|Love is kind, love is patient...|
|love wants to take your rights?|
There's always been the “hate the sin, love the sinner” nonsense, of course. But that's tended to focus a lot more on the hate, with the love being the caveat that (supposedly) makes it all better: hey, don't call me a bigot, man; I hate that you're gay, because that's disgusting, evil, and totally icky...but I totally love you!
And while some of the results have been so absurd as to border on self-parody, the tone softening deserves a closer look. Following the ruling, Ed Stetzer at Christianity Today, for instance, offered this exhortation to Christians bemoaning this “re-definition” of marriage:
As we live in a culture that has just defined marriage in a way contrary to what evangelicals and others believe, we must understand that, as Christians, we aren't the only ones who care about marriage. As a result, we must keep in mind that discussions surrounding the definition of marriage carry a lot of emotions and must be handled with care.As evangelicals contend for the definition of marriage in spheres outside the law (that is settled now), we must keep in mind truth is often not heard if it's not communicated in love. If we want to be heard, we should communicate in a way worth hearing.
...Evangelicals and other followers of the Bible have a heightened opportunity to demonstrate the attractiveness of loving Christian marriages and families. Evangelicals should renew their commitment to the sacrificial love and covenantal faithfulness to which Jesus calls all husbands and wives.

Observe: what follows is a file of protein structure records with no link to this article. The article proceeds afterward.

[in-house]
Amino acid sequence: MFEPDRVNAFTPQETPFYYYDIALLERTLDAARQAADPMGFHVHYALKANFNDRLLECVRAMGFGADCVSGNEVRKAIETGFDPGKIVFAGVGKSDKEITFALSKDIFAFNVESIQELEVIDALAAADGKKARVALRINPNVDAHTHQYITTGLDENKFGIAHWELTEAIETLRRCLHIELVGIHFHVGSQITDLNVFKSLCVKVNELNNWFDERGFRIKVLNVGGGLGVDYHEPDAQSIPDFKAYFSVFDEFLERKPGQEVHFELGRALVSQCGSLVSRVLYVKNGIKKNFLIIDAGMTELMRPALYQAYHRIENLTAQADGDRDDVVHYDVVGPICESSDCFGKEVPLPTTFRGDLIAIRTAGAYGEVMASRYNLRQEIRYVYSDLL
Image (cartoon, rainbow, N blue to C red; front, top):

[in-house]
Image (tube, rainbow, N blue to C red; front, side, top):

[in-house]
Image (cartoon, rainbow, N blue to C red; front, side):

As witnesses to the truth, evangelicals should be gracious and compassionate to those who do not share their views on marriage.
Bob Lepine at Family Life spent a good deal of space calling out the angry, hateful approach Christians have embraced toward homosexuality, and calls instead for Christians to “reach out with compassion” following the ruling. But, again, at no point are we talking bridge building and acceptance. As Lepine writes,
I believe in the months and years to come, there will be people who have either sampled or participated actively in homosexual activities who are going to be looking for a way to deal with their shame and their guilt. They are going to be looking for a way out of the lifestyle. Would these people even think to look to the church for help? Would they think of us as "kind people who really care about me" or as angry, hate-filled men and women who will only make them feel more ashamed of where they have been? Are we preparing ourselves as the church to be ready to provide help and hope to those who will be seeking a way out?
So the tone is definitely, in some quarters, shifting -- or, at least, we're seeing the gloves-on approach promoted more often. There are still the presidential candidates who are vocally advocating means of reviving marriage inequality (including Wisconsin's own
Sarah Palin Scott
Walker). There is still ample rage and hateful commentary to be
found. But there's also a kinder, gentler face emerging.